In this particular post, Cornswalled reviewed several podcasts found by parents on their childrens' computers who asked him to review them and determine whether they were appropriate listening material for their children.
Now, we all know that the beautiful and sometimes not-so-beautiful part of blogging is that anyone with a blog can put forth just about any opinion on the planet. Yet as a polyamory activist, I have to say that the following comments about the Polyamory Weekly Podcast encapsulate exactly why there is so much intolerance to fight on behalf of polyamorists. It is the culture war writ large.
Cornswalled says of Polyamory Weekly:
This is easily the most dangerous and socially destructive podcast I've ever heard. The program is about Polyamory, the practice of having multiple sexual partners, provided everyone consents and knows what's going on. It advocates just about every form of perversion you can imagine and the host frequently decries the fact that group marriages aren't legal in the United States.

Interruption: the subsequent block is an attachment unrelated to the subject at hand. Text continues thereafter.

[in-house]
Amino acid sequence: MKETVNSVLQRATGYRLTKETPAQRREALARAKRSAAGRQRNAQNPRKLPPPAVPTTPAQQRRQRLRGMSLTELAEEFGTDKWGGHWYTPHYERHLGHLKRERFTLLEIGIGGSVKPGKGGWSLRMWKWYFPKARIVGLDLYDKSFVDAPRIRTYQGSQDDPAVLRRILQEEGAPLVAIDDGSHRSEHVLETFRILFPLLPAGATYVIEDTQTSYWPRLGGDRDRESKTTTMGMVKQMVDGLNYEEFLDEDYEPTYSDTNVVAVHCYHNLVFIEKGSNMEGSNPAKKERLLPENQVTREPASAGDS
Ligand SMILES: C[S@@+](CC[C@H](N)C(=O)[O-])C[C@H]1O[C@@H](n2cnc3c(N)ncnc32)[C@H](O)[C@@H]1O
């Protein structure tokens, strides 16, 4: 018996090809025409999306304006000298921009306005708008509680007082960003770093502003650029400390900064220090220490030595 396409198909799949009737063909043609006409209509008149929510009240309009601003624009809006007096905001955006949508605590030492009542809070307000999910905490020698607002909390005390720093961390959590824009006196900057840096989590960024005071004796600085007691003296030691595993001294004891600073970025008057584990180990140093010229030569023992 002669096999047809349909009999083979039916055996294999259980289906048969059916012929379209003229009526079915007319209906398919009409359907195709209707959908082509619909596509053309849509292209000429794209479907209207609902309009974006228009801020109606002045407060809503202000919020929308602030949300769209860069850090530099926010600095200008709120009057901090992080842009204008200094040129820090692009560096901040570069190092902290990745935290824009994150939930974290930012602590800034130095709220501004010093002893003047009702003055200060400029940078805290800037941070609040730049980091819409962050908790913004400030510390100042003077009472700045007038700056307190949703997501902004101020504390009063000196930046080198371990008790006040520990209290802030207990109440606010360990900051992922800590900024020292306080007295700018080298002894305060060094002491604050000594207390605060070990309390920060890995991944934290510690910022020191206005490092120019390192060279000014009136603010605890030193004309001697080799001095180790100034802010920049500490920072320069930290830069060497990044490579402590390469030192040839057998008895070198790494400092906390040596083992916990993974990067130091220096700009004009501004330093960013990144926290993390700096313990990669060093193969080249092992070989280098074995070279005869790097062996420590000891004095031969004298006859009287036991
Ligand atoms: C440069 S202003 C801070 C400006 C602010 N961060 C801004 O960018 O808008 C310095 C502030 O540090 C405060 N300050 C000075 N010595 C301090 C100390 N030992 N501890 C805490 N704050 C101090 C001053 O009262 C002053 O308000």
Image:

The program is not the most sexually explicit, nor is it the most offensive. It's dangerous because the program seeks to normalize Homosexuality, Bisexuality, wife swapping, bondage and a host of other unChristian behaviors. They side AGAINST the Mormons who want to legalize underage brides, but if all those Mormon brides are 18 or older, they're all for it.
If your child is listening to Polyamory Weekly, then I recommend you respond as if you'd found deviant magazines in their possession. Do not react with anger, as that will only make matters worse, but respond with Christian love and understanding. Your child has been exposed to dangerous and radical ideas, and needs help with the confusion of ideas that such exposure can create.
That's all for now. I'll post another batch of Podcast Reviews once I have the chance to listen to some more.
Bear in mind that Mr. Cornswalled also advises parents to immediately remove the "Prairie Home Companion" from their children's computers because it mocks "traditional values and smalltown life."
You can read Minx's rousing rebuttal here.